Helping workers who are injured on the job is about more than just providing necessary care. To the extent possible, the workers' compensation system has a legal mandate to provide additional rehabilitative services.
As we described in our last post, rehabilitation can take two forms: physical rehabilitation and vocational rehabilitation. The first incorporates the elements most people associate with minor to moderate injuries: pain management, diagnostic tests, surgeries, and physical therapy.
In this post, we look at vocational rehabilitation and benefits to draw upon in the event of significant disability.
The goal of the rehab process
The intent of any rehabilitation process is to provide services identified under accepted medical guidelines to restore you to full function.
When full function is not possible, rehabilitation should reduce disability to the greatest extent and facilitate a return to work. In the most serious cases, disability may make it impossible to return to your former work. The rehabilitative goals might then become vocational and focus on helping you live life to the fullest and obtain alternative employment.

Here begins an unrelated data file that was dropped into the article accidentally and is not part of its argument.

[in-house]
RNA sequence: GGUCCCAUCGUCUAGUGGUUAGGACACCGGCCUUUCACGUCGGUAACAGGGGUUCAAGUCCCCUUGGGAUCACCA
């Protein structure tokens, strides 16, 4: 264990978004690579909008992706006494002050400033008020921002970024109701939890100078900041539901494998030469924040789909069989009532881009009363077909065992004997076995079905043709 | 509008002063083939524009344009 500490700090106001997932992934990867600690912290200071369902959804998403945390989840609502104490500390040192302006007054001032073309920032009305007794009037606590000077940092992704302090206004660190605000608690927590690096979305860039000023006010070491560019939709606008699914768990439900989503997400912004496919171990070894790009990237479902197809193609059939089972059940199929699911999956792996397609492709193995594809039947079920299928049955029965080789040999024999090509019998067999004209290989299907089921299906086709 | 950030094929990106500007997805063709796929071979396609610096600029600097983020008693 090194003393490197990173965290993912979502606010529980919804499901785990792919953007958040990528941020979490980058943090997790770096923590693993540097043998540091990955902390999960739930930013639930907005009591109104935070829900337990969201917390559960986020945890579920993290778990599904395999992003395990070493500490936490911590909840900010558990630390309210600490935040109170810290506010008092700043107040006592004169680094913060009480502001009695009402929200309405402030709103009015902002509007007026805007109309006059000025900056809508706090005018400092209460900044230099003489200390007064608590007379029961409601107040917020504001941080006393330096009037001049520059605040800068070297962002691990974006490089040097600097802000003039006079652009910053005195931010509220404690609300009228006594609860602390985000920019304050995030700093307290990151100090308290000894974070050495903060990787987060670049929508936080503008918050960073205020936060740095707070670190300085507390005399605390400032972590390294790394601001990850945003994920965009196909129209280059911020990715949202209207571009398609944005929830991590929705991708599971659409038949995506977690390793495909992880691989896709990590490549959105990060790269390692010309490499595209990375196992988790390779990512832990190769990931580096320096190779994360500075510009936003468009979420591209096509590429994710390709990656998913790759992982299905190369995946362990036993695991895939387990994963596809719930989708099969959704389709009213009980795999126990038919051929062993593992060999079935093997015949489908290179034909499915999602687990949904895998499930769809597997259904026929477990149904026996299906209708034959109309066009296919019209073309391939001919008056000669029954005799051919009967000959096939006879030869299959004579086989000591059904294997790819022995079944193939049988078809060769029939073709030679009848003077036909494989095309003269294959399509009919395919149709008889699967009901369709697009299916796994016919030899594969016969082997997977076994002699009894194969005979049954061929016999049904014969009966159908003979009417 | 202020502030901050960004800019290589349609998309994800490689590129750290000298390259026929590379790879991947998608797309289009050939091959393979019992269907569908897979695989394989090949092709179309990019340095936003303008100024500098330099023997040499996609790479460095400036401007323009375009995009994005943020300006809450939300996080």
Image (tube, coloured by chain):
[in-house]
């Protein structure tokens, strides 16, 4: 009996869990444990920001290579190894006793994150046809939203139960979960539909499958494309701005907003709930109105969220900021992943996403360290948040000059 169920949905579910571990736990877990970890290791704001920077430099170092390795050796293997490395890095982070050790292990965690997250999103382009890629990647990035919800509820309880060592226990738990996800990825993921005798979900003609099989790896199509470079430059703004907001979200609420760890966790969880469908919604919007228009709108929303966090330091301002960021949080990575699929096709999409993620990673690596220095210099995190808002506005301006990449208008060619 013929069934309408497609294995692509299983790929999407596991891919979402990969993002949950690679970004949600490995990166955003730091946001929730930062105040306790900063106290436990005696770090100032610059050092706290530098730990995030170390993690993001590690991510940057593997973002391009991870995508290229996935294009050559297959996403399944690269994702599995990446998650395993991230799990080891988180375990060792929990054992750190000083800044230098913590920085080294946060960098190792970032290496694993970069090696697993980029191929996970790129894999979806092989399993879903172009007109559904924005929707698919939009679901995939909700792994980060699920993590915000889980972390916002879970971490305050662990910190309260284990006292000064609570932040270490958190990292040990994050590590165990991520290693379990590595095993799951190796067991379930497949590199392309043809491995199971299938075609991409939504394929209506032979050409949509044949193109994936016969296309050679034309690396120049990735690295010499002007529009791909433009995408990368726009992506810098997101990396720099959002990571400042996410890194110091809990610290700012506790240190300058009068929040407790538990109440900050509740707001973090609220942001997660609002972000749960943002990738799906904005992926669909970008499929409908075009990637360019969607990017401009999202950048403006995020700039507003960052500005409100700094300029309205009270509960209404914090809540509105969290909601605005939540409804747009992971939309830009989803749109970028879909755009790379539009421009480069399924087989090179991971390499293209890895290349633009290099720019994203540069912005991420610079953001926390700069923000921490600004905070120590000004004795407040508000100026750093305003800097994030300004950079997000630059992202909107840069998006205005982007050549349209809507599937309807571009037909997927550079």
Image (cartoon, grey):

Rehabilitation services under the New York Workers' Compensation system are supplied in ways beyond medical care. These include:
- Vocational rehabilitation: Various programs to provide a disabled worker with guidance on realistic ways to return to work.
- Selective placement: In the event you are restricted in function because of permanent disability, placement services seek to align you with a position that suits your capabilities.
- Social services: Disabling work injuries don't affect just you. Injuries can lead to family friction and create financial problems. To help, the workers' compensation system provides access to social workers to help with a vast array of issues, including negotiating payment plans on rent, utilities or other creditors.
Regardless of programs accessed, the law requires the continuation of cash benefits. And if you are unable to find work that allows you to earn what you did before your injury; ongoing compensation benefits may be possible, though at lower rates.
Getting the benefits to which you are entitled can be a struggle, but it is easier when coordinated by a skilled workers' comp attorney.